Jobs promise for Great Yarmouth chapel project

PUBLISHED: 19:35 08 December 2011

Chris Moore, general manager for the St Georges chapel, Yarmouth

Chris Moore, general manager for the St Georges chapel, Yarmouth

Archant © 2011

WORK to revamp an iconic Great Yarmouth building is on track as it emerged that the project will bring much-needed jobs to the area.

Those involved in the scheme to refurbish St George’s Chapel into a multi-use arts base will be advertising in the Mercury next week for an assistant manager to help run the exciting facility, with more opportunities expected in the New Year for caterers, bar staff and those with technical skills.

A plea has also gone out for volunteers to help run the box office and act as ushers and first-aiders.

Chris Moore, general manager of St George’s Chapel, said: “In the last couple of months all the high level work has been completed and all the repairs to the bell tower are complete. The underfloor heating and floor screed over the top of that is in place so we can now put down the oak floor. The dressing rooms are now going in and after that the interior work is mainly refurbishment.”

Modelled on the church of St Clement Danes in London and painted in reds and golds, St George’s Chapel fell into disuse in 1971 before being turned into a theatre, which closed around five years ago when it was declared unsafe.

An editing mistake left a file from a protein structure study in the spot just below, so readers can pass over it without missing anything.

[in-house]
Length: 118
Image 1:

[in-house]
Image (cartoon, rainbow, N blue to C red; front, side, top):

The £4m project to turn the Grade I listed building into an entertainment venue, which is led by Great Yarmouth Borough Council, seeks to bring it back to life again.

Working alongside English Heritage and Hopkins Architects, and with grant funding from CABE Seachange programme, the Heritage Lottery Fund, the East of England Development Agency, Norfolk County Council and English Heritage, the project began last November with the doors set to open to the public in the spring.

The multi-purpose arts venue will hold about 300 people, with the structure being worked on by RG Carter and particular efforts being made to preserve the original architecture.

Mr Moore described the structure of the building, built in 1714, as “quite stunning” and said it would accommodate the arts in all its forms. “There will be art exhibitions, drama and music, including classical music. We are looking to bring in various orchestras. We are looking for some national names to come in but at the same time it really is a community project. “We are also looking for previous users and people who are interested in using the building to get in touch with us.

“We will be advertising for an assistant manager, who can hopefully come in as soon as possible. This is a paid post. We are looking for someone with theatre experience, someone who knows about direction and producing shows.”

“Later in the New Year there are likely to be opportunities for catering, technical and bar staff. We will also be looking for volunteers to possibly man the box office and to be ushers and first-aiders. We will be putting together exciting community activities and we are looking for champions from the community.” To find out more email or for more updates visit

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